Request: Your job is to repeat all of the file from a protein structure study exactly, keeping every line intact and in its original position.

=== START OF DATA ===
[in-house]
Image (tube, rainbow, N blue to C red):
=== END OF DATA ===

[in-house]
Image (tube, rainbow, N blue to C red):